Minutes after the US Senate Environment and Public Works Committee voted in favor of the Clean Water Restoration Act, Sen. Mike Crapo (R-ID) put a hold on the legislation setting the scene for a battle and possibly defeat on the US Senate floor.
“Despite changes, water bill faces certain demise in the Senate,” stated a press release sent by Matt Dempsey who works for the minority members of the EPW Committee. Sen. James Inhofe (R-Okla.), the ranking Republican on the Committee told reporters that the bill was a “dagger directed right at America’s heartland.”
Not a single republican on the EPW committee voted for CWRA – not even Great Lakes Sen. George Voinovich (R-OH) – a man who knows how much CWRA will help the Lakes.
“Today’s debate suggests that they may have enough votes to sustain a filibuster,” said Chad Lord, legislative director for the Healing Our Waters Great Lakes Coalition.
The drama set to unfold on the Senate floor will reveal that the Republicans are more concerned that farmers, developers and industry stakeholders will have to deal with burdensome regulations than having clean drinking water for their constituents.
In reality, all that the compromise legislation does is remove the word “navigable” replacing it with “waters of the United States” returning the Clean Water Act to its original intent by protecting the same waters and wetlands intended in the law that President Nixon (read: Republican) signed in 1972.
Opponents have been making a “red herring” argument that CWRA will bring government regulators out to every watering hole and puddle in the States to wield unparallel power over anything wet. But if you read the bill it spells out exemptions that prove this rhetoric wrong. In fact, the bill does not regulate farm or stock ponds, irrigation ditches, drainage ditches, dredged or fill materials resulting from normal farming and ranching activates. The legislation also exempts agriculture and mining run off, as well as sewer facilities. The list of exemptions goes on and on.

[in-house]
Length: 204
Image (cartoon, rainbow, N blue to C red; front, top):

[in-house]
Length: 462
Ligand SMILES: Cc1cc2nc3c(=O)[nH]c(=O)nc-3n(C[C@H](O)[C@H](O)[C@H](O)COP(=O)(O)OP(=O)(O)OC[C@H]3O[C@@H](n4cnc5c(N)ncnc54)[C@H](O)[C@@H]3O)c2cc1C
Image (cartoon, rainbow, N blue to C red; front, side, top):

What it does do is modestly protect the Nation’s drinking water and many local economies. It also protects Lake Michigan by keeping the streams and wetlands that feed the lakes free from dangerous pollution.
“Our most cherished iconic waterways, Lake Michigan and the Mississippi River, can only be as healthy as the streams and wetlands that feed and clean them,” Max Muller, program director at Environment Illinois, told Environment News Service. According to the same article, the US EPA estimates that more than half of Illinois streams are in danger of increased pollution if this bill fails – streams that provide drinking water for more than 1.6 million Illinois residents.
In the end, this debate can be boiled down to one question: are you for polluting our drinking water or against it?